Enterprise Mobility / IT Best Practices

Lync’s Failed Promises in Business Communication

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Microsoft Lync, recently rebranded as Skype for Business, is a traditional name in the unified communications space. Lync strives to unite a range of communication channels: instant messaging, calling, video conferencing, the software and the hardware. With devices and apps across mobile and web platforms, as well as integration with Skype and Office 365, Lync has touted its ability to reinvent productivity. However, as many users have found, the gap between its vision and its reality has proved to be frustrating. We have heard several common complaints that administrators and users have with Lync.

1. Lync is hard to implement

Having so many features is a double-edged sword. Setting up and maintaining the entire Lync system can be difficult, even for IT, because it requires a complex array of configurations and integrations to accomplish its goal of unified communications. To illustrate, enterprise IT analyst Josh Greenbaum attempted to get Lync 2013 working with his Office 365 and Skype: the “bloody nightmare” included four calls to Microsoft tech support and still ended in failure. Once it has been nominally integrated into an enterprise’s workflow, individual employees will still need to spend time configuring and tweaking various bits of software to get features to work on their devices. This struggle is the canary in the proverbial coal mine – if Lync is so hard to implement, how easy can it really be to use?

Here at Lua, we never want to receive such negative feedback on usability: from day one, our solution has been built for business with a quick and easy onboard process and an intuitive interface that requires little to no training at all. What is especially important to us is that we aren’t just saying this ourselves: our clients themselves have been extremely positive about our product.

2. Lync isn’t mobile-friendly

Despite Lync claiming to work across Windows, Android, and iOS, many current users say this isn’t the case. Lync 2013 has been described as simply “unusable” on iPad and iPhone. If you do manage to access it on mobile, messages are often delayed and don’t always sync seamlessly across devices, and notifications sometimes don’t come through anywhere. With a feature set that is already cumbersome on desktop, Lync by nature has difficulty keeping up with today’s mobile workforce.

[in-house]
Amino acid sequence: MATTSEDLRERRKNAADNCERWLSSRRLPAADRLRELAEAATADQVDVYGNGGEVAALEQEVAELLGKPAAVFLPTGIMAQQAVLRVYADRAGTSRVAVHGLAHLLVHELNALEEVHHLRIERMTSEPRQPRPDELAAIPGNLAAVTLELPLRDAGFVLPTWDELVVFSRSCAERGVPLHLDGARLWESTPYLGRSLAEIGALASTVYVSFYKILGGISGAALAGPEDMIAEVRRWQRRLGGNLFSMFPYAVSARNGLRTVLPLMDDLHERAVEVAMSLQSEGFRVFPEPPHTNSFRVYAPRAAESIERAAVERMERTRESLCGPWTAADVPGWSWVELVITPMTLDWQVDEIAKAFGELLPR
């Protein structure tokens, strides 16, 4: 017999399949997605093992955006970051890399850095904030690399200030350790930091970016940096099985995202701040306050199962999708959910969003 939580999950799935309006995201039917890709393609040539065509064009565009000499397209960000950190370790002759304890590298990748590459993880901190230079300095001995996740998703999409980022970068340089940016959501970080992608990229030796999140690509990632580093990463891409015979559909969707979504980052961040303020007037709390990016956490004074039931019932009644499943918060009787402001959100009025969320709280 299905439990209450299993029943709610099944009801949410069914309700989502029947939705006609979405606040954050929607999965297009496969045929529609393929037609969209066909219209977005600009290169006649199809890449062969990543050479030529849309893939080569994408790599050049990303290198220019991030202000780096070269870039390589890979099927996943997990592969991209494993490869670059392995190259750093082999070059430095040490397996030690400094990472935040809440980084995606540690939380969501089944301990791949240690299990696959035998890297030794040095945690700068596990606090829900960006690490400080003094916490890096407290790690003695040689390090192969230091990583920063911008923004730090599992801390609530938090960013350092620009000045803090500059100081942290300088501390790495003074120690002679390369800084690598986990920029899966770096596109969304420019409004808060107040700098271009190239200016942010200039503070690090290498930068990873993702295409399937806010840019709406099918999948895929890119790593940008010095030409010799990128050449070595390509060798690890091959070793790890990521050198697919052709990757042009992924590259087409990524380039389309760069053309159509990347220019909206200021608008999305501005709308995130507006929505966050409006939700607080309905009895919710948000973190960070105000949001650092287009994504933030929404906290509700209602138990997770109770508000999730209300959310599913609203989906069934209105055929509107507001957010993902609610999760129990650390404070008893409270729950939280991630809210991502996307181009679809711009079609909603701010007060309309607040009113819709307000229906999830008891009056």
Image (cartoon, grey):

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A quarter of the same 204 technology professionals had concerns about Lync’s mobility support and a quarter about multiple device support.

In contrast, Lua is mobile-first. We’ve devoted years towards observing workflows out in the field, and have tailored the solution for the unique behavior of getting things done on the go. Mobile-first, or even a certain level of mobile-friendliness, is extremely important for companies wanting to offer more services to customers from anywhere, something the new instant gratification economy demands from businesses.

3. Communications aren’t actually unified

Common Lync complaints raised include being unable to join conference calls even once contacts are found and accepted, calls dropping, and terrible call quality if you manage to get connected. We’ve found that call quality can really rub users the wrong way if not done well: people at work usually jump on the phone when things are especially pressing, and do not appreciate the unpleasant surprise of not being able to connect with their coworkers. We’re constantly improving and testing our hassle-free conference calling system to knock each call out of the park.

4. Lync doesn’t promote accountability

Delayed messages and notifications, failed conference calls, and inconsistent mobile support — who’s seen what? Unified communications only works if communication is going through. In today’s fast-paced, increasingly-competitive market, having critical messages fall through the cracks can really damage an organization’s ability to stay abreast of the competition.

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One of the many error messages you may receive on Lync.

Lua actively provides visibility on who has or hasn’t seen a message or attachment with its ReadReports. Our proprietary business intelligence dashboard, Insights, further boosts accountability by providing high-level analysis of intra- and inter-department activity.


No one system is right for every single company, so understand your ideal feature set before being drawn into an ill-fitting relationship by Lync’s name and Microsoft backing. Even if you’re being drawn to Microsoft’s big vision of unifying all channels of communication, consider the following before choosing Lync/Skype for Business:

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A survey of TechTarget readers exposes some key issues and concerns for Lync users. (Source: TechTarget)

Share your experience with Lync in the comments, and email marketing@getlua.com to receive our Lua vs. Lync info sheet!

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